November 28, 2004
I resolved my bi-cultural food conflict by going traditional American for Thanksgiving itself, and Korean for the day after. The American dinner was from a restaurant too. I basically just heated it up, and Tim made stuffing. It came with cornbread stuffing, which we’d never had before but seemed like a pretty bad idea — you don’t want strange Southern foods on Thanksgiving, you want exactly what you’re used to, which in our case is french-bread stuffing with sausage and leeks and sometimes oysters. Getting a takeout Thanksgiving dinner turns out to be not that much less work than cooking the damn thing from scratch, except for the time involved in defrosting and/or brining the turkey.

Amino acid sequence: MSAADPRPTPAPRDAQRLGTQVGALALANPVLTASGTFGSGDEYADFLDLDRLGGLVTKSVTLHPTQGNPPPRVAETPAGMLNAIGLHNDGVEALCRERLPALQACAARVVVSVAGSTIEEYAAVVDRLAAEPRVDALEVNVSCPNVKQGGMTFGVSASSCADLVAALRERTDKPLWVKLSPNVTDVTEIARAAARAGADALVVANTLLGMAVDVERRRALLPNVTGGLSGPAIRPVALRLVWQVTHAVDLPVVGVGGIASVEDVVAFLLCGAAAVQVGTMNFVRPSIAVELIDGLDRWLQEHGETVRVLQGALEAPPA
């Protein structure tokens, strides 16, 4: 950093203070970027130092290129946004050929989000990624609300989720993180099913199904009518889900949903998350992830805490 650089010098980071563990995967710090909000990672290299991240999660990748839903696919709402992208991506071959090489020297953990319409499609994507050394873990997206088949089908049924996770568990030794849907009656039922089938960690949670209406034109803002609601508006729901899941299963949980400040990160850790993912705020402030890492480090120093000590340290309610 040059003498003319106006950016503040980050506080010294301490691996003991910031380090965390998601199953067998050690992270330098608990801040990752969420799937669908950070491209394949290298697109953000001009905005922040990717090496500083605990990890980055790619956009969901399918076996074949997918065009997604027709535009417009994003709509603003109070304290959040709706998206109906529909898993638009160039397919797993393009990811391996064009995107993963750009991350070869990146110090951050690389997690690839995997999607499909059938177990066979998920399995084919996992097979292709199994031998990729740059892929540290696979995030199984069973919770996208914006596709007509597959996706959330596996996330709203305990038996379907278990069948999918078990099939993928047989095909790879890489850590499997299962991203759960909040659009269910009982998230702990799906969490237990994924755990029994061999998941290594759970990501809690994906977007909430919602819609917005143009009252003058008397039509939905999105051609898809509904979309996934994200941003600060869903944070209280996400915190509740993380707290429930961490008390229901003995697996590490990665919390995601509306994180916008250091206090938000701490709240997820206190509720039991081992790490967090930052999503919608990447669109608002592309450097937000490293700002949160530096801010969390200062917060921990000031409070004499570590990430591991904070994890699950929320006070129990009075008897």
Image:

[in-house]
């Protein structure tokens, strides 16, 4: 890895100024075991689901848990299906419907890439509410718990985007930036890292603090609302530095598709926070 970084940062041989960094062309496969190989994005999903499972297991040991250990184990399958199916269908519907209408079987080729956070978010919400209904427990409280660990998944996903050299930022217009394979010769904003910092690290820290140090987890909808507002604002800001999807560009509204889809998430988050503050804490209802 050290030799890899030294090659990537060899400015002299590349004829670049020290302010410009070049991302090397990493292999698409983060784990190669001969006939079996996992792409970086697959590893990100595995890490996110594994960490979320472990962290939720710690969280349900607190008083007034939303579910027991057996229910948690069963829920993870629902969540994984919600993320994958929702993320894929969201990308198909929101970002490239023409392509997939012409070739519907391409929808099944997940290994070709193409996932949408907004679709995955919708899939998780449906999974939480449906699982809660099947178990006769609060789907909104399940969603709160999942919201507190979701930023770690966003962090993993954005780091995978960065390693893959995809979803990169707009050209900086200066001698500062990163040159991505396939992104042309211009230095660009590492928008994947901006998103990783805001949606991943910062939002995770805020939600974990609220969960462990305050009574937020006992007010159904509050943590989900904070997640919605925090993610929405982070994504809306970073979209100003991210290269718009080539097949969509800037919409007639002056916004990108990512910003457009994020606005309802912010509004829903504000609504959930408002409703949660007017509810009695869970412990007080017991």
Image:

Yesterday we went on a jaunt to Año Nuevo State Park to see the elephant seals. After trudging through the wind and mist for 1.5 miles, we reached the shore. We looked around, asking each other “Where are the elephant seals? I don’t see any elephant seals.” Then we suddenly became aware that there was a juvenile elephant seal within 10 feet of where we were standing, cleverly concealed as a sand dune. And the entire landscape before us was filled with female elephant seals lolling in the seaweed or swimming just off the beach.
My dad did a tremendous number of chores around the house — including assembling a new gas grill! — and my mom cooked a fabulous dinner featuring enormous quantities of galbi, ojinga bokkum (stir-fried squid in hot sauce), and eundaegu jorim (braised black cod with giant white radish). Korean parents are SO useful!